Maverick Citizen

MAVERICK CITIZEN: WEST COAST

Tears flow after boy shot during St Helena Bay protest dies in hospital

Tears flow after boy shot during St Helena Bay protest dies in hospital
Nine-year-old Leo Williams has died. (Photo supplied)

‘We... witnessed the final heart-wrenching moments when the heart machine was switched off followed by the long “peep” sound showing he has gone.’

There were emotional scenes at the Intensive Care Unit at the Red Cross Children’s Hospital minutes after nine-year-old Leo Williams, who was shot in the head during a protest in Laingville on the West Coast, died on Monday afternoon.

Devastated Lucille Williams, the biological mother of Leo Williams, gave permission for the life support system to be switched off. (Photo: Vincent Cruywagen)

The shoulders of community leaders Thyrone Williams and Clarence Duiker, who have been at the side of the family since the shooting incident on Friday 31 July, were drenched with the tears of Cathy Thomas, the legal guardian of Leo, and Luzille Williams, the boy’s biological mother.

Community leader Thyrone Williams consoles Cathy Thomas, legal guardian of Leo Williams. (Photo: Vincent Cruywagen)

The two women and Leo’s father, Adrian Thomas, witnessed doctors switching off the life support system at 2.30 and 15 minutes later he was gone. Duiker immediately said a prayer to console the heartbroken family. 

Thomas adopted Leo when he was three years old and six years later she had to bid farewell to the son she loved so much. 

Leo Williams had been on life support since the shooting. (Photo supplied)

Leo had been on life support since the shooting. The incident on 31 July was preceded by violent clashes between protesters and police. A video clip seen by Maverick Citizen shows four police officers firing several shots towards the corrugated structure of Leo’s uncle where the youngster and some of his friends were watching television.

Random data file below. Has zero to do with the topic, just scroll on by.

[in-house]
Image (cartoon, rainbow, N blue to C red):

Leo was struck in the head and slumped to the floor in a pool of blood. The bullet was lodged in his brain and doctors agreed the bullet couldn’t be removed. 

The community accused the police of firing live ammunition during the protest. But police management denies this and said their forces had withdrawn from the area at the time of the shooting.

Williams said on Monday: “We arrived just before 12 noon at the hospital. Aunty Cathy, Lucille and Leo’s father went up to the ICU where they spent almost two hours with doctors who prepared them for the dreadful moment.

“At 2pm Aunty Cathy came out and told myself and Clarence the machine would be switched off at 14.30. We accompanied her back to the ICU and witnessed the final heart-wrenching moments when the heart machine was switched off followed by the long ‘peep’ sound showing he has gone.”

Shortly after he posted the news of Leo’s death on social media, the first call Williams received was from the St Helena Bay police, who conveyed their sympathy. Williams said: “When Leo was shot there was a total silence from police.”

The community is demanding justice for Leo and want the person who fired the shot to be arrested and charged with murder. The Independent Police Investigative Directorate (IPID) is investigating.

South African Human Rights Commissioner Chris Nissen said, “It’s really sad for the family and the community of Laingville. Important now is to allow the family and the community time to mourn. I will be meeting with the family to firstly discuss the funeral arrangements.

“Whilst the boy was alive it was an attempted murder case but now we are talking of murder. Once the calibre of the bullet is established we will engage with the authorities and also make sure that the family is supported by a legal team.” DM/MC

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